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Strengthening suspended floor for large tiles, advice please on idea

Discussion in 'Tiling' started by happyhero, 27 Aug 2020.

  1. happyhero

    happyhero

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    I want to run large tiles from concrete floor to suspended timber floor without using an expansion joint.

    To explain the layout first we have a house with an existing single storey extension across the width of the back of the house, which is about 5.5m wide internally and 3.8m deep towards the back garden. Standing in the extension facing into the rest of the house with your back to the back garden, the kitchen is on the left side and the lounge on the right. The kitchen has units both sides and is 3m long with about 1.3m between the units. So if you walked out of the extension into the kitchen you would walk between the units through the kitchen into the rest of the house. Hope that all makes sense.

    I have bought 600mm x 900mm x 10mm porcelain tiles but in the actual extension we wanted a heated floor so I also bought 10mm insulation backerboards, a Warmup DPM plastic self-adhesive mat and loose heating cable.

    The self-adhesive mat does 2 jobs it contains the cable when laid and allows the tile some movement (you can buy this sort of sheet for non-heated floor to allow for movement/expansion/contraction etc it was explained to me). What I am getting at is it is good to have under the tiles even if you don’t have a heated floor. Several stores wanted to sell us this type of mat regardless of a heated floor we eventually chose to add.

    I want to run the tiles all through the concrete floor extension and into the timber floor kitchen and so normally you would need an expansion joint but I would like to avoid an expansion joint and have consulted some tilers in one store as to how I could do this. They said ideally you fit an expansion joint but if you want to avoid it you must do a lot of work to try and make the suspended wooden floor in the kitchen as strong and rigid as possible. They said the insulation board and plastic sheet will help disconnect the tiles from the timber floor.

    So I was thinking how to make my timber floor rigid. It has a gap under the joist of about 250mm(10in). I had this idea so tell me what you think about it and if you think it will work. I was going to get some plastic pipe, 4” diameter or maybe better 6”. Clean the area of rubble under the joist and cut the pipe to fit tight between the joist and the cleaned area below which seems to be concrete. Then I would put some rebar down into the pipe the same length as the pipe and pour concrete into this pipe. I also thought to stop bounce I would drill the top of the joist over the pipe and put a recessed screw or bolt to go into the concrete thus securing the joist to the concrete post I make. I was thinking of making these posts every 18” or 24” maybe, its fairly easy to do and it seems a strong idea to me plus with the 10mm backerboards and plastic movement sheet I think that would do it, what do you think?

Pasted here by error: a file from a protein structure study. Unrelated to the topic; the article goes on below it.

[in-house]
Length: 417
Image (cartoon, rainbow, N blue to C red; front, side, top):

Can this work?

    Any feedback appreciated.
     
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  3. Lower

    Lower

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    You need to stiffen up the floor as well as the joists so that the floor itself doesn't flex between the joists.

    Normal way to do this is to lift the existing floor, put loads of noggins between the joists and then put 25mm ply down as the floor itself.

    This ties the whole floor/joist assembly together as a single piece and makes it very stiff and stable.
     
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  4. happyhero

    happyhero

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    Yes forgot to mention the noggins, I was going to do that too, they recommended it too. I was thinking of replacing the old floorboards with plywood so as you advise it I think that is what I will do, thanks for the tips.
     
  5. Lower

    Lower

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    If you think you need to provide support for the joists themselves, i'd build brick piers with a reasonable foundation and then pack the piers to the bottom of the joists.

    But as long as the joists are decent size, once you noggin them all together and put a thick layer of ply on top, you'll make a very stiff floor.

    The make sure you use flexible tile adhesive and grout.
     
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  6. happyhero

    happyhero

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    I was just thinking does the ply need to be marine ply or will decent ordinary ply work?
     
  7. Lower

    Lower

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    The appropriate ply used to be called WBP ply. No idea what its called now. Marine ply is a grade or two up from WBP ply.
     
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